Metamodernism is a term employed to situate and explain recent developments across current affairs, critical theory, philosophy, architecture, art, cinema, music and literature which are emerging from and reacting to postmodernism.

The term metamodernism was introduced as an intervention in the post-postmodernism debate by the cultural theorists Timotheus Vermeulen and Robin van den Akker in 2010. In their article ‘Notes on metamodernism’ they assert that the 2000s are characterized by the return of typically modern positions without altogether forfeiting the postmodern mindsets of the 1990s and 1980s.

The prefix ‘meta’ here refers not to some reflective stance or repeated rumination, but to Plato’s metaxy, which intends a movement between opposite poles as well as beyond. Van den Akker and Vermeulen define metamodernism as a continuous oscillation, a constant repositioning between mindsets that are evocative of the modern and of the postmodern but are ultimately suggestive of another sensibility that is neither of them: one that negotiates between a yearning for universal truths on the one hand and an (a)political relativism on the other, between hope and doubt, sincerity and irony, knowingness and naivety, construction and deconstruction. They suggest that the metamodern attitude longs for another future, another metanarrative, whilst acknowledging that future or narrative might not exist, or materialize, or, if it does materialize, is inherently problematic.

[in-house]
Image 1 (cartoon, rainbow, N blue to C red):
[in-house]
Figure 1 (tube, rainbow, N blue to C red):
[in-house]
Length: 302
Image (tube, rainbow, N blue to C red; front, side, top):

As examples in current affairs Vermeulen and van den Akker cite the multiple responses (such as an ‘informed naivety,’ ‘pragmatic idealism,’ and ‘moderate fanaticism’) to climate change, the financial crisis, and geopolitical instability. In the arts, they cite the return of transcendentalism, Romanticism, hope, sincerity, affect, narrativity, and the sublime. Artists and cultural practices they consider metamodern include the architecture of BIG and Herzog and de Meuron; the cinema of Michel Gondry, Spike Jonze, Gus van Sant, and Wes Anderson; musicians such as CocoRosie, Antony and the Johnsons, Georges Lentz, and Devendra Banhart; the artworks of Peter Doig, Olafur Eliasson, Ragnar Kjartansson, Šejla Kamerić, and Paula Doepfner; and the writings of Haruki Murakami, Roberto Bolano, and Jonathan Franzen.

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